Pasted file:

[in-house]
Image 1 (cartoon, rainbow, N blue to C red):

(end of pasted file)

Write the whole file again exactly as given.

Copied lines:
[in-house]
Image 1 (cartoon, rainbow, N blue to C red):